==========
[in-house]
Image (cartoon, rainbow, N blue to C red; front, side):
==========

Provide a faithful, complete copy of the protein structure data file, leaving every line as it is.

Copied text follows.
[in-house]
Image (cartoon, rainbow, N blue to C red; front, side):